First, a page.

This page provides information to support educators and families in teaching about empathy. It is designed to complement the Empathy topic on BrainPOP Jr.

Empathy is understanding the feelings of another person. Share with your child that being aware of our own feelings can help us understand other people’s feelings. 

How can children become aware of their feelings? One way is to think about how their bodies respond when they feel a certain way. Ask your child what they do when they are happy or excited. They might smile and laugh, or even bounce a little bit. Point out that when they’re angry they might put their hands in a fist or their faces might turn red. Explain when we are aware of what our bodies do when we feel a certain way, we can recognize the same feelings in other people. 

Discuss with your child what we can say or do to show that we understand and care about another person’s feelings. Ask them to think of a time a friend was sad. What made them sad?  Did your child do something to make the friend feel better? If so, what was it? Ask your child to imagine being in their friend’s shoes. What would make them feel better?  

Brainstorm with your child different ways we can show empathy. One way is to pay attention and be a good listener. If a friend is feeling bad, explain that they can show they care by looking into the friend’s eyes, nodding their heads when they agree, and remembering not to interrupt. Let your child know that when it is their turn to talk they should focus on their friend and say kind and encouraging things. Part of empathy is thinking about what people have said to make us feel better in the past and do those same things.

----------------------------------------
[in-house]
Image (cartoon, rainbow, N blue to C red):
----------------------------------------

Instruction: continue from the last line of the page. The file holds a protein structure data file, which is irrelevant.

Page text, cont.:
Remind your child that sometimes people might not feel like talking, and that’s O.K. We can show support just by being there, and being a good friend.  

Compassion is different from empathy.  Explain that empathy is understanding how someone feels, while compassion is about helping them feel better. So, being empathetic leads to being compassionate and helpful.  A friend shows compassion, and will help someone who’s going through a rough time by saying supportive things, such as, “It was great that you ______.” “You’re strong because _______.”  “Thank you for ______.” One of the most important ways we can show empathy and compassion is inviting a person to do something fun. 

Remind children that we all know what it’s like to feel sad, angry, lonely, or hurt. People with empathy recognize those feelings and think about how they can help.  Providing your child with techniques to help them be both empathetic and compassionate will allow them to take charge of their own emotional health and well-being—and also be great members of any community!